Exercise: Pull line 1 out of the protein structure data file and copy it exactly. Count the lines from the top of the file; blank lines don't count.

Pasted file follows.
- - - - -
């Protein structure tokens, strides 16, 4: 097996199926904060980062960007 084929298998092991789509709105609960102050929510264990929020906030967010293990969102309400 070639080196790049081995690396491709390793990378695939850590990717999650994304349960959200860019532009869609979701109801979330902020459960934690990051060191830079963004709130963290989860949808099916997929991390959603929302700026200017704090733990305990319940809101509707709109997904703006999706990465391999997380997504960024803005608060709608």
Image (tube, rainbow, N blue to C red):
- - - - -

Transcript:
């Protein structure tokens, strides 16, 4: 097996199926904060980062960007 084929298998092991789509709105609960102050929510264990929020906030967010293990969102309400 070639080196790049081995690396491709390793990378695939850590990717999650994304349960959200860019532009869609979701109801979330902020459960934690990051060191830079963004709130963290989860949808099916997929991390959603929302700026200017704090733990305990319940809101509707709109997904703006999706990465391999997380997504960024803005608060709608």